1. The Court Will Assume That The Traffic Stop Occurred Outside the Reservation.
Mr. Holguin asserts that he was stopped “on a city street intersecting with a Texas state highway.” Pl.’s Orig Pet. 4, ECF No. 1-1. More specifically, he states that he was driving on “Texas State Highway 258, known in El Paso, Texas as Socorro Road,” in an area “outside the boundaries of the Ysleta Del Sur Pueblo.” Id. (emphasis added). Defendants state in their Motion, however, that Mr. Holguin’s allegations stem from “an unlawful traffic stop on an Indian reservation.” Mot. to Dismiss 1, ECF No. 4 (emphasis added). Consistent with such position, they cite case law supporting the proposition that “Defendants have the right to stop non-Indians for traffic violations on the Reservation and to determine their own jurisdiction.” Id. at 17–18 (citing State v. Schmuck, 850 P.2d 1332, 1337 (Wash. 1993); United States v. Patch, 114 F.3d 131, 133–34 (9th Cir. 1997)). Further, in their Reply, Defendants assert that Mr. Holguin has not “offer[ed] any proof to the Court that the traffic infraction occurred outside the Reservation,” and they assert that the block where the traffic stop occurred was “in the Reservation.” Reply 3–4, ECF No. 15. Defendants also offer a printout of a map showing that the relevant road “traverses through the Reservation” and is thus “in Indian Country.” Id. at 4, 5; see also Exhibit F, ECF No. 15-1.
Though Mr. Holguin has not shown definitively that he was pulled over outside the reservation, the Court will, in light of its obligations on this Rule 12 motion, resolve the factual issue in Mr. Holguin’s favor and, for the purposes of evaluating Defendants’ Motion to Dismiss, take as true his assertion that the traffic stop occurred on land outside of tribal control. See Lormand, 565 F.3d at 232; see also Cell Sci. Sys. Corp., 804 Fed. Appx. at 263.
2. The Court Will Assume That Mr. Holguin is Not a Tribal Member.
Defendants assert that Mr. Holguin’s tribal status is a matter of dispute as he has never “alleg[ed] or prove[n] his non-tribal status.” Reply 7, ECF No. 15. However, the summons issued by the Tribal Court to Mr. Holguin and offered to the Court by Defendants records Mr. Holguin’s status as a non-Indian. Summons 3, ECF No. 4-2. Mr. Holguin cites multiple cases dealing with the rights of tribes over non-Indians, at least implying that he himself is not an Indian. See Resp. 9 (stating case involves stops of “nonmember citizens”), 10 (referring to “non-tribal Plaintiff” and stating that “it is undisputed that [Mr. Holguin] is a non-member”), 11—12 (citing cases about “non-Indian” property owners), ECF No. 12. In his Surreply, Mr. Holguin, rather than directly asserting that he is in fact a non-Indian, instead confusingly states that “[t]he Defendants cannot show that Plaintiff is a tribal member and Plaintiff should not have to prove the nonexistence of a fact.” Surreply 6, ECF No. 18.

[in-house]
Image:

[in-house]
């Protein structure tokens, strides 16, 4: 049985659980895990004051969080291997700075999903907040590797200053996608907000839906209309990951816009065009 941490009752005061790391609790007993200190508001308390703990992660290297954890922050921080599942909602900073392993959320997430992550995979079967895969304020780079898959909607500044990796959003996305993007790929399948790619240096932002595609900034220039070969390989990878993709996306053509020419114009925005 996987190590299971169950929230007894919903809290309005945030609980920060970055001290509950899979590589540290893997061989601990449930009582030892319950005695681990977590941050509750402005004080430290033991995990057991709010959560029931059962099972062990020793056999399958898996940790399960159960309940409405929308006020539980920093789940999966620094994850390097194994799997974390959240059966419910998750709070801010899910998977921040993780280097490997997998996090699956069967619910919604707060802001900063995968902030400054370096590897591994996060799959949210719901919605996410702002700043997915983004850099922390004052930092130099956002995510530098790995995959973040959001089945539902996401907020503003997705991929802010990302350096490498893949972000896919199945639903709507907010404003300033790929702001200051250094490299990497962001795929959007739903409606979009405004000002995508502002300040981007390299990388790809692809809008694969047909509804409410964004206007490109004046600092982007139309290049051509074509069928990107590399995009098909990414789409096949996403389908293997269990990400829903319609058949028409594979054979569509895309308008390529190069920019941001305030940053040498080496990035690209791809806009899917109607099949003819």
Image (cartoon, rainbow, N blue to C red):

The Court will resolve the factual dispute in Mr. Holguin’s favor (or in what it takes to be Mr. Holguin’s favor) and will, for the purposes of this Motion, proceed with its analysis as though Mr. Holguin is a non-Indian and not a member of the Ysleta Del Sur Pueblo. See Lormand, 565 F.3d at 232; see also Cell Sci. Sys. Corp., 804 Fed. Appx. at 263.
Mr. Holguin’s complaint posits isolated instances of behavior by specific individuals as the factual basis of his suit. See Pl.’s Orig. Pet. 3–6, ECF No. 1-1. Under “Causes of Action,” he lists numerous alleged violations of § 1983 against these individuals as well as others not named as Defendants or mentioned elsewhere in the complaint. Id. at 6–8 (enumerating causes of action against Defendants as well as against the otherwise-unmentioned “Tatum, Huffaker, and Hobb”). He also asserts that the individuals “conspired” and acted “[i]n furtherance of the conspiracy.” Id. He adds, in a separate section, an assertion that the Defendants acted with “gross negligence.” Id. at 9.
Rather than examine each of Mr. Holguin’s claims individually, the Court will examine successively his claims against the tribe itself, against the Tribal Police Department, and against individual officers of the Tribal Police.
1. Under Rule 12(b)(1), The Court Will Follow the Tribal Exhaustion Doctrine and Dismiss Claims Against Ysleta Del Sur Pueblo and the Tigua Tribal Police Department.
The Court first examines Defendants’ arguments for dismissal pursuant to Rule 12(b)(1). See Ramming, 281 F.3d at 161. It finds that Defendants have waived their sovereign-immunity defense. The Court will, however, abstain from exercising its jurisdiction over claims against Defendants Ysleta Del Sur Pueblo and the Tigua Tribal Police Department because of the tribal exhaustion doctrine, and it will dismiss claims against those Defendants.